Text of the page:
Robert E. Kahn is Chairman, CEO and President of the Corporation for National Research Initiatives (CNRI), which he founded in 1986 after a thirteen year term at the U.S. Defense Advanced Research Projects Agency (DARPA). CNRI was created as a not-for-profit organization to provide leadership and funding for research and development of the National Information Infrastructure.
After receiving a B.E.E. from the City College of New York in 1960, Dr. Kahn earned M.A. and Ph.D. degrees from Princeton University in 1962 and 1964 respectively. He worked on the Technical Staff at Bell Laboratories and then became an Assistant Professor of Electrical Engineering at MIT. He took a leave of absence from MIT to join Bolt Beranek and Newman, where he was responsible for the system design of the Arpanet, the first packet-switched network. In 1972 he moved to DARPA and subsequently became Director of DARPA's Information Processing Techniques Office (IPTO). While Director of IPTO he initiated the United States government's billion dollar Strategic Computing Program, the largest computer research and development program ever undertaken by the federal government. Dr. Kahn conceived the idea of open-architecture networking. He is a co-inventor of the TCP/IP protocols and was responsible for originating DARPA's Internet Program. Until recently, CNRI provided the Secretariat for the Internet Engineering Task Force (IETF). Dr. Kahn also coined the term National Information Infrastructure (NII) in the mid 1980s which later became more widely known as the Information Super Highway.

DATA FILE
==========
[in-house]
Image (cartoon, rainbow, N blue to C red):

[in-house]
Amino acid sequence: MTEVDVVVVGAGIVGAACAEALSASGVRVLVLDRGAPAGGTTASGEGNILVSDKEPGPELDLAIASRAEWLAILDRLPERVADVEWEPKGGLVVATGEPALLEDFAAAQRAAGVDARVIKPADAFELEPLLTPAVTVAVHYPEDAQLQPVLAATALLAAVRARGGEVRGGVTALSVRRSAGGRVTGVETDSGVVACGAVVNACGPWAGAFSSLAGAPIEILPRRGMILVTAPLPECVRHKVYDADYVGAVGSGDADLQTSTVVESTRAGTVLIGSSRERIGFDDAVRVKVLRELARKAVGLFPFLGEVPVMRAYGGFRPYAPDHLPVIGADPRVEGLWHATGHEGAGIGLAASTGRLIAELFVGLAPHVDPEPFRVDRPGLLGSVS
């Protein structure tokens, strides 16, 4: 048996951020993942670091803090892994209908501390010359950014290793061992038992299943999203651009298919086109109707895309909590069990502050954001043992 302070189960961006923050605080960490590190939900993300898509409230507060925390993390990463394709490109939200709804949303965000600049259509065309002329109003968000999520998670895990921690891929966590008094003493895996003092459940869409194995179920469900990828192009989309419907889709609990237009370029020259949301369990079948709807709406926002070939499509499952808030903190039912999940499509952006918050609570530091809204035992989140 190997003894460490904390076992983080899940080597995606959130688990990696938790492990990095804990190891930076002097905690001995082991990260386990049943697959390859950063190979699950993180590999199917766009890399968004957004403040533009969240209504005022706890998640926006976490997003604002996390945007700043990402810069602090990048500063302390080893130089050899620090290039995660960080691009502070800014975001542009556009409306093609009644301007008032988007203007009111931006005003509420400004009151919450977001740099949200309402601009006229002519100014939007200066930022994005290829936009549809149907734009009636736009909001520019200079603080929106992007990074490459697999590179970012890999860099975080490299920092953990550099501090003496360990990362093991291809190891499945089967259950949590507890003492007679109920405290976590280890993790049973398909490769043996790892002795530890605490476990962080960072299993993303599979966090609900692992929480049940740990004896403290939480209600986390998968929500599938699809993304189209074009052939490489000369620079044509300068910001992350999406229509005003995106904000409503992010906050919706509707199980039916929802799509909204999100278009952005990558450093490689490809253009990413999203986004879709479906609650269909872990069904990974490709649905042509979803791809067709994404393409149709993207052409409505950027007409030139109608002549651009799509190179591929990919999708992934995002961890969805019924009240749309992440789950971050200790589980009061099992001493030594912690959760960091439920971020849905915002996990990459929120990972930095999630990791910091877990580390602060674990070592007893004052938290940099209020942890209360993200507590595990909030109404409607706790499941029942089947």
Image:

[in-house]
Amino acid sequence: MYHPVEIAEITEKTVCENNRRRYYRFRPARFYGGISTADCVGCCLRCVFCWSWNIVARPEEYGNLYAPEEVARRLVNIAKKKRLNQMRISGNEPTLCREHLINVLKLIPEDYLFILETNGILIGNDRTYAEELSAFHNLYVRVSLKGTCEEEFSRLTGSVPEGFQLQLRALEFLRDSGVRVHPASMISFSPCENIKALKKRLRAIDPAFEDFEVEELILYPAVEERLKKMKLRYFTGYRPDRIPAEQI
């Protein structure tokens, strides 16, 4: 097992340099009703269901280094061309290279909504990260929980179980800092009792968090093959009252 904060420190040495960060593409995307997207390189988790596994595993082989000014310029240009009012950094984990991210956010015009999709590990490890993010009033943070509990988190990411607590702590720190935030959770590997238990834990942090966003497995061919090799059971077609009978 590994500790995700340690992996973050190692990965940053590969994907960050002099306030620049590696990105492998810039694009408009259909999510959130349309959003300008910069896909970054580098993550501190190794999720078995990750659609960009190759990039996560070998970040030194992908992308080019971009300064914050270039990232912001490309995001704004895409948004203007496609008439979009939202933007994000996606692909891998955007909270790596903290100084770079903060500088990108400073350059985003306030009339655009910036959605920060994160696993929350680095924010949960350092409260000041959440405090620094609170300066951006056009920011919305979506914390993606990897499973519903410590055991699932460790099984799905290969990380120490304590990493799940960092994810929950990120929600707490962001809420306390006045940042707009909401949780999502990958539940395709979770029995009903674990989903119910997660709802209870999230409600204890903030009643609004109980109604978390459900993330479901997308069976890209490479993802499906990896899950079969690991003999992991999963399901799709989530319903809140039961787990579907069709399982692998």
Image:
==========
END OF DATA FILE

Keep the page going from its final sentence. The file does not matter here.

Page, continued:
In his recent work, Dr. Kahn has been developing the concept of a digital object architecture as a key middleware component of the NII. This notion is providing a framework for interoperability of heterogeneous information systems and is being used in many applications such as the Digital Object Identifier (DOI). He is a co-inventor of Knowbot programs, mobile software agents in the network environment. Dr. Kahn is a member of the National Academy of Engineering, a Fellow of the IEEE, a Fellow of AAAI, a Fellow of ACM and a Fellow of the Computer History Museum. He is a member of the State Department's Advisory Committee on International Communications and Information Policy, a former member of the President's Information Technology Advisory Committee, a former member of the Board of Regents of the National Library of Medicine and the President's Advisory Council on the National Information Infrastructure.